I mean, it's a pretty small victory in the grand scheme of things, but what the heck. Take the wins wherever they come, especially when the issue is sex work. You just don't see many wins if that's your cause.
The power of social media and electronic distribution lists were certainly obvious to me after I wrote a column on this subject (it'll be the June 24 blog post below this one) and then used Facebook and two sex-work-friendly researcher-based distribution lists to get the word out as far as possible. I've now got new "friends" in Bangladesh and Thailand as a result.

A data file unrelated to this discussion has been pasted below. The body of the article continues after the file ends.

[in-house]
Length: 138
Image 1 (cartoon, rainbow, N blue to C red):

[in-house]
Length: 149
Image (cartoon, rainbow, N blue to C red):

Of course, none of this is to suggest that my Victoria column was the reason Google changed its mind, prompt and thorough use of Facebook and distribution lists notwithstanding. But maybe it helped a little.
The Blue Light organizers were prepared to protest outside Google's European headquarters in Dublin when they got word from Google that it had taken another look at the group's Web site and approved them to advertise.
Google had deemed that the group was selling sexual services,which it doesn't allow. But when the company took a closer look, it must have seen what Blue Light had been telling them all along: The Web site, and the Blue Light campaign, is strictly about human rights, not selling sex.